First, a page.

So, with JNDI, an object that would be a singleton could look itself up. If
    it doesn't find itself then it declares itself the singleton and binds
    itself to its name. If it does find itself then we have a problem. In this
    case the instance should delete itself, and return a reference to the real
    singleton. This causes two problems. First, the developer could choose to
    ignore the return value of the method that finds the singleton. Second, for
    a short time two instances of the singleton would exist, and this could
    defeat the singleton.

    So, singletons appear to be impossible. The solution is to have a well-known
    central factory, and to stop objects being created except through that
    factory (private constructors, etc). This may create a bottleneck in ones
    systems though, and would almost certainly not scale too well, becasue the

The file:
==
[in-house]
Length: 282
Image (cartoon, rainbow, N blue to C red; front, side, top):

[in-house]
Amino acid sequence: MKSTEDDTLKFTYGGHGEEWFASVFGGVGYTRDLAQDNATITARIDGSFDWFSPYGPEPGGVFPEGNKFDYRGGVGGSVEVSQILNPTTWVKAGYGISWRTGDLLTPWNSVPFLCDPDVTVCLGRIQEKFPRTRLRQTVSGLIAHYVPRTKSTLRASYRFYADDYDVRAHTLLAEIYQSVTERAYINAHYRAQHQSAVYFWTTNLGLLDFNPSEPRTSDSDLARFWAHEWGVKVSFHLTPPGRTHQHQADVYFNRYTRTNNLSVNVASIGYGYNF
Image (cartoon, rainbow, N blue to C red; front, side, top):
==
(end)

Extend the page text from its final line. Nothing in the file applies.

factory must sit in a single JVM on a single box. This is almost impossible
    in any system that requires fail-over support.

    Anyway, why would anyone ever need one? An alternative is to provide as many
    objects as the developers want, and to allow them to communicate, and
    synchronise, when necessary.


    2. http://java.sun.com/developer/technicalArticles/Programming/singletons/

    Preet
  15. Singleton in the J2EE container...[ Go to top ]

    <
    You are right. You need to synchronize. These are two different things that we are talking about:

    (1) Having only one instance